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Genome Res. 2008 Sep;18(9):1484-99. doi: 10.1101/gr.074336.107. Epub 2008 Jul 3.

Very small mobile repeated elements in cyanobacterial genomes.

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  • 1Center for the Study of Biological Complexity and the Department of Biology, Virginia Commonwealth University, Richmond, Virginia 23284, USA. elhaij@vcu.edu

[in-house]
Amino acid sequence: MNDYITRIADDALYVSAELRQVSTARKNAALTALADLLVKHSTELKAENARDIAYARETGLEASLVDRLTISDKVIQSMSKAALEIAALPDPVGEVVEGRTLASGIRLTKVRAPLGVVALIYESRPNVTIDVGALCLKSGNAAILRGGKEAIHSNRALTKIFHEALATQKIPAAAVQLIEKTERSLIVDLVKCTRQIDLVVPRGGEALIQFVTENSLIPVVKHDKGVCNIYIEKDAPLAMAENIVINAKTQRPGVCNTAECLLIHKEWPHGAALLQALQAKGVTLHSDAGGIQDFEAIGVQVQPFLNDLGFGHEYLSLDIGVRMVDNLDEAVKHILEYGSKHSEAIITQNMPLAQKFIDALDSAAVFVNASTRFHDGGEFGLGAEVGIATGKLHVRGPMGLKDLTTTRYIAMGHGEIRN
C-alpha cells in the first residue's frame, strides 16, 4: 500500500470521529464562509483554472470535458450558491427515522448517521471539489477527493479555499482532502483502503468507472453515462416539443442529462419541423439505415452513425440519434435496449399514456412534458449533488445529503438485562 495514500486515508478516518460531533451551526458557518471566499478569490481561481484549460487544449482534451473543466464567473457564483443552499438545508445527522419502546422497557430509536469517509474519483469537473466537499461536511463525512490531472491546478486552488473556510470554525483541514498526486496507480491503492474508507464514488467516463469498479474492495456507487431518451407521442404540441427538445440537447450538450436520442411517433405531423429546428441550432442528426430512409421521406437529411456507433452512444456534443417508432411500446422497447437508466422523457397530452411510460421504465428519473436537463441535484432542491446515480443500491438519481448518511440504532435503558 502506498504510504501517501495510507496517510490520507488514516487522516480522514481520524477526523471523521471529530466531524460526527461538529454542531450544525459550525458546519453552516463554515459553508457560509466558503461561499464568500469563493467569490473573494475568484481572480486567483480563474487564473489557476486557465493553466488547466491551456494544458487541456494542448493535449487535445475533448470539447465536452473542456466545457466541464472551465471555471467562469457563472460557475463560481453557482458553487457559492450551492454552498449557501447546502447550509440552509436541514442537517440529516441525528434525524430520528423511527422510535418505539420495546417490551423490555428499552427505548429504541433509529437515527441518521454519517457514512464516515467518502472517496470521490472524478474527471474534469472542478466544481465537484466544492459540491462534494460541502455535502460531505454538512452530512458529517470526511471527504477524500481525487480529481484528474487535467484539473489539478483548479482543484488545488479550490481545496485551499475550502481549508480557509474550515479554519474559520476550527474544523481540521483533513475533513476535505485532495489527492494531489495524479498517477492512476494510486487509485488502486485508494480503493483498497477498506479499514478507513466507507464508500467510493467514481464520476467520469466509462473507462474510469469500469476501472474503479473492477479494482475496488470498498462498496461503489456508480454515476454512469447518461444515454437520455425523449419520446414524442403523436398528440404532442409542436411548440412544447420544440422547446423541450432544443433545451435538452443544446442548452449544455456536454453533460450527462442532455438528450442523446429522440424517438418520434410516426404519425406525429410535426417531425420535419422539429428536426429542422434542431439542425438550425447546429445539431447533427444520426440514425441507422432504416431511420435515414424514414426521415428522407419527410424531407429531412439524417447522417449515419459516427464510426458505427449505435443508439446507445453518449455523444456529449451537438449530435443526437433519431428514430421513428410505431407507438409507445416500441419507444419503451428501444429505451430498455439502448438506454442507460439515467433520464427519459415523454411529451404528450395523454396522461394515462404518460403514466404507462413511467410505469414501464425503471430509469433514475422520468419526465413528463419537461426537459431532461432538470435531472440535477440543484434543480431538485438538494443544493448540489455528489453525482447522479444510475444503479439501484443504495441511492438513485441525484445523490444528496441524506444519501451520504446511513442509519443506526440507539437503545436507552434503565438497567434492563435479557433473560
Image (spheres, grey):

Mobile DNA elements play a major role in genome plasticity and other evolutionary processes, an insight gained primarily through the study of transposons and retrotransposons (generally approximately 1000 nt or longer). These elements spawn smaller parasitic versions (generally >100 nt) that propagate through proteins encoded by the full elements. Highly repeated sequences smaller than 100 nt have been described, but they are either nonmobile or their origins are not known. We have surveyed the genome of the multicellular cyanobacterium, Nostoc punctiforme, and its relatives for small dispersed repeat (SDR) sequences and have identified eight families in the range of from 21 to 27 nucleotides. Three of the families (SDR4, SDR5, and SDR6), despite little sequence similarity, share a common predicted secondary structure, a conclusion supported by patterns of compensatory mutations. The SDR elements are found in a diverse set of contexts, often embedded within tandemly repeated heptameric sequences or within minitransposons. One element (SDR5) is found exclusively within instances of an octamer, HIP1, that is highly over-represented in the genomes of many cyanobacteria. Two elements (SDR1 and SDR4) often are found within copies of themselves, producing complex nested insertions. An analysis of SDR elements within cyanobacterial genomes indicate that they are essentially confined to a coherent subgroup. The evidence indicates that some of the SDR elements, probably working through RNA intermediates, have been mobile in recent evolutionary time, making them perhaps the smallest known mobile elements.

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